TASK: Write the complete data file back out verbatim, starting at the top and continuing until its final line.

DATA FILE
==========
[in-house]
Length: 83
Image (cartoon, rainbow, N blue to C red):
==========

[in-house]
Length: 83
Image (cartoon, rainbow, N blue to C red):